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Merrill And Consumer Slowdown Hit Market

Call it an ugly mortgage market, call it poor risk management. But Merrill's writedown of $7.9 billion in subprime mortgages and collateralized debt obligations (CDOs), $3.4 billion more than they had previously announced just three weeks ago, was being greeted as a sign that plenty more bad news remains on banks' and brokers' books.

Merrill claims that the difference was due to "additional analysis...including the use of more conservative loss assumptions in valuing the underlying collateral."

Still, despite the bad news, the stock is only down 3% pre-open. Why not more? Maybe because the market has already anticipated a bigger writedown--Merrill was down about 12% last week as there were widespread rumors it would announce writedowns in excess of the $5 b they had previously announced.

And as Deutsche Bank pointed out yesterday, the current level of writedowns would leave Merrill with a book value of roughly $41. Historically, Merrill has traded at roughly 1.8x book value, giving a current fair price of $73.80 (Merrill trading this morning at $65 and change). In other words, the market has already anticipated the additional writedowns, and more, and is reflecting that in the stock price. Merrill will hold a conference call at 10 AM.

The U.S. consumer slowdown is the second theme this morning:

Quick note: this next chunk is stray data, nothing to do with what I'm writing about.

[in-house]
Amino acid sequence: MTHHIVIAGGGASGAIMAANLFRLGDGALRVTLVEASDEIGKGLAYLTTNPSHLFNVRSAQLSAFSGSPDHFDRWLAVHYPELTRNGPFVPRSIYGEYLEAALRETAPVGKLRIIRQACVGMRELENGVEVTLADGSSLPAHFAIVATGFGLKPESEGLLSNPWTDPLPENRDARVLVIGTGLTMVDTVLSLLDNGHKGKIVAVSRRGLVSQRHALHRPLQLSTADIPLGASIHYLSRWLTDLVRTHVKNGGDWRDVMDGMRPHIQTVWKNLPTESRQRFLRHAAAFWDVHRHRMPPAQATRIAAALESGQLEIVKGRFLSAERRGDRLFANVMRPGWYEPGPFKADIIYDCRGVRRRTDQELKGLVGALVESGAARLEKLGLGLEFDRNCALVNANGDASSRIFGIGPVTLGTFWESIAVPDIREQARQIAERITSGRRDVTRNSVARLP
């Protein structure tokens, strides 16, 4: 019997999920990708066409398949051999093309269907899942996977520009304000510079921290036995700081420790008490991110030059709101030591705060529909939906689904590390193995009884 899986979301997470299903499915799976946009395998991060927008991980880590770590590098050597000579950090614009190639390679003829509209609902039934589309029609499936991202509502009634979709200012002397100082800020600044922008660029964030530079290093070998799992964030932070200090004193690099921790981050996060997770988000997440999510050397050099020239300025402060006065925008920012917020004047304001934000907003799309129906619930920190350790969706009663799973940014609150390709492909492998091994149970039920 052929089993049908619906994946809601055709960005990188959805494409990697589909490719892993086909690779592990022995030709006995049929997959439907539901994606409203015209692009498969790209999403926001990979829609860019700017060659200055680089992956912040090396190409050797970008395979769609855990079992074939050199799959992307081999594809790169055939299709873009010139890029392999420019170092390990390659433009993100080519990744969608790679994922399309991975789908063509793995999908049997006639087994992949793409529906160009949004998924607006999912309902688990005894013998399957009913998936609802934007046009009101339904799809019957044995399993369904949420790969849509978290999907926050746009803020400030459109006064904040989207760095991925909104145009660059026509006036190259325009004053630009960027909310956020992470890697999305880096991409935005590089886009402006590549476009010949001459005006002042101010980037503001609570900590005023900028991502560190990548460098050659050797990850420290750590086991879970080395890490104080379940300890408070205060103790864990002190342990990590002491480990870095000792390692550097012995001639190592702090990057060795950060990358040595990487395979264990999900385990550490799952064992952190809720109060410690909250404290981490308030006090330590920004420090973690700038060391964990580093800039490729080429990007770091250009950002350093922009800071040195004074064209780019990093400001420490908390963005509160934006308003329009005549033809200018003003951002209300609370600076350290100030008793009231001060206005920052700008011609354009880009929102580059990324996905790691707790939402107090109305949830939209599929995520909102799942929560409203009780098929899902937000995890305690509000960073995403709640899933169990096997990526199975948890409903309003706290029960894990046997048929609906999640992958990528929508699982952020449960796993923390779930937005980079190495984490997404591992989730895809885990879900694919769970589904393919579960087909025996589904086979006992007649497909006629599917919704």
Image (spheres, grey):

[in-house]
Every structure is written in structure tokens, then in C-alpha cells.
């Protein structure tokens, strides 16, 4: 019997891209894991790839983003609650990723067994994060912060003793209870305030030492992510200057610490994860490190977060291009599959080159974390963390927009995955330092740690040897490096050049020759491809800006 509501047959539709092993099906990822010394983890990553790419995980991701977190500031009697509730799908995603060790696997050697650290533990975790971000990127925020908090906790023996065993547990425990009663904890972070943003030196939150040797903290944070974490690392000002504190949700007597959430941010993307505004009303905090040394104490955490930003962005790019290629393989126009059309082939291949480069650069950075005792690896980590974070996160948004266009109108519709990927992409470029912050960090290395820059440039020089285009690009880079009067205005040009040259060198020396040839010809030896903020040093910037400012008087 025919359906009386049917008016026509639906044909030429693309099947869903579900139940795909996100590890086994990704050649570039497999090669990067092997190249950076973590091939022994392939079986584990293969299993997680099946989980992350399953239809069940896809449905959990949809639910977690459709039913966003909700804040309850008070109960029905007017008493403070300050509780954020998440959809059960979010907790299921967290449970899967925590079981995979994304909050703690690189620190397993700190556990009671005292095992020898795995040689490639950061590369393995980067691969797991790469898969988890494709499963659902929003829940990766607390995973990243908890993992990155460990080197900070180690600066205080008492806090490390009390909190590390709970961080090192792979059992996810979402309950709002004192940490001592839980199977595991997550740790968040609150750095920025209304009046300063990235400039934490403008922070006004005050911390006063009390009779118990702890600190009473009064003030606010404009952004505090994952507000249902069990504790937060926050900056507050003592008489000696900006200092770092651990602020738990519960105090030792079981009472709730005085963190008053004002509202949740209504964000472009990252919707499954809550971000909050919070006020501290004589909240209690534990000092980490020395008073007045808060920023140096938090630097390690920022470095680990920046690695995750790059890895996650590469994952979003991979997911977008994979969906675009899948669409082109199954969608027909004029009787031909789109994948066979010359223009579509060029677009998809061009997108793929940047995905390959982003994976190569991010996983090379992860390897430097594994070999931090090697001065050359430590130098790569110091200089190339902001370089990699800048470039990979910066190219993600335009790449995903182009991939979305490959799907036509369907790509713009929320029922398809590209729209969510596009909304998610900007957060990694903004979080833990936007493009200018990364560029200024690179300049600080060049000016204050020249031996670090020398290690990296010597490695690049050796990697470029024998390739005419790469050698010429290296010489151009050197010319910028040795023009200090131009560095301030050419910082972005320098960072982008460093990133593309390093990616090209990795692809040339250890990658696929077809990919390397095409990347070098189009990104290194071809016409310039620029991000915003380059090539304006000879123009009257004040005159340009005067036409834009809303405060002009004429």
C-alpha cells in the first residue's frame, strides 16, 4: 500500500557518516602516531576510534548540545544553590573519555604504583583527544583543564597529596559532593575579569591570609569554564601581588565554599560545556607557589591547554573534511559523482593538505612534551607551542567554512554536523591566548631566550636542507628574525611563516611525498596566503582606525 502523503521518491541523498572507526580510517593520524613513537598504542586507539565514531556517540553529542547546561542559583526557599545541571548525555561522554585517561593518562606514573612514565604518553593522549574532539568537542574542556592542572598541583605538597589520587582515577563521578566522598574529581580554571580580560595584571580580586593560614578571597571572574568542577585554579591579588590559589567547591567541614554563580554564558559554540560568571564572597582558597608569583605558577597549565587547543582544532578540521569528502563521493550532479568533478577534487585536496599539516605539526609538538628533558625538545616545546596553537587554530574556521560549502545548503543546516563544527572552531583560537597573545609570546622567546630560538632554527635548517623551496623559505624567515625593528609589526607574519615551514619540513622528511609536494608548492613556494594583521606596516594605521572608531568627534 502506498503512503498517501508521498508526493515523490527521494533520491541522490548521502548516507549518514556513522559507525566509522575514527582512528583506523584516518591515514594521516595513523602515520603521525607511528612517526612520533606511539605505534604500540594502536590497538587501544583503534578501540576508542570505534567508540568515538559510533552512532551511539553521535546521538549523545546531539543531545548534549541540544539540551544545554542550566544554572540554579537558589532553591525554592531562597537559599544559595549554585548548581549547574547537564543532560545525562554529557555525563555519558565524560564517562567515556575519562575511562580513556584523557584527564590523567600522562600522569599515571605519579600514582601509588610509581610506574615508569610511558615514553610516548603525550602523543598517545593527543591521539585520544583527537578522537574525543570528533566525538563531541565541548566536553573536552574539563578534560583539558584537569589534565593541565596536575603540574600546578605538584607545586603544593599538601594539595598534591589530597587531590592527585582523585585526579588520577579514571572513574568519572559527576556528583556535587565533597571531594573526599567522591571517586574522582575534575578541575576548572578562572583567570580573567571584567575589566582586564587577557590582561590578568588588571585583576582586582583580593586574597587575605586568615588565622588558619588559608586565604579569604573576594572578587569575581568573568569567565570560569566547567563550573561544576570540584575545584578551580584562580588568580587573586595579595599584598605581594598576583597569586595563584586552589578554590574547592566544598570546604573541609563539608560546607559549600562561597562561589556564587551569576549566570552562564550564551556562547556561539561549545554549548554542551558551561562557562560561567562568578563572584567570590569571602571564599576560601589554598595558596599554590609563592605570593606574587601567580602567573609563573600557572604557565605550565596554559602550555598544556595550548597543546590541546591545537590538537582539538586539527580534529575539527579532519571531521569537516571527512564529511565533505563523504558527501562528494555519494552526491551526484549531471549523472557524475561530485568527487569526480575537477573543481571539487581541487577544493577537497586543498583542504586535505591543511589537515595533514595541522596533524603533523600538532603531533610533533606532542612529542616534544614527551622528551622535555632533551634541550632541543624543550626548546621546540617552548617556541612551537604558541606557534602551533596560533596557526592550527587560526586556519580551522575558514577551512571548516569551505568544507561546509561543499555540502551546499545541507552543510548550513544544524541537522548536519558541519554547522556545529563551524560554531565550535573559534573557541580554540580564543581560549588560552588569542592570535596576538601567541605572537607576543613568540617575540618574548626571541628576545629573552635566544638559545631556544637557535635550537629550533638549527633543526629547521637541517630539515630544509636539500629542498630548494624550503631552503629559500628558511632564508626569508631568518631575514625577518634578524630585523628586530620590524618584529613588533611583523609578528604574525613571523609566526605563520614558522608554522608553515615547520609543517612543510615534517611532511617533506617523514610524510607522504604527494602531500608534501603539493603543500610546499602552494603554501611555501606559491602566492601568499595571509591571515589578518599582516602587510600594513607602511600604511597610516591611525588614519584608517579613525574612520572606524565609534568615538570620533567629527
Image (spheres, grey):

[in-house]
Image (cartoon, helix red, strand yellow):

--Talbots joins Coach by lowering their earnings guidance, citing a "conservative consumer" (used to be the guidance was conservative, now the consumer is conservative). Down 8% pre-open.
--Separately, AutoNation and Marine Products had similar comments. AutoNation made their numbers, but noted a decline in new car sales, particularly in California and Florida, due to the housing slowdown.
--Boat maker Marine Products missed their earnings estimates, citing high fuel prices and higher insurance costs, as well as the now-ubiquitous housing slowdown. They also cited particular weakness in Florida and Southern California.
--Finally, tool maker Stanley Works bucked this negative trend, reported solid earnings and maintained its 2007 guidance.

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Questions? Comments? tradertalk@cnbc.com

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  • A CNBC reporter since 1990, Bob Pisani covers Wall Street from the floor of the New York Stock Exchange.

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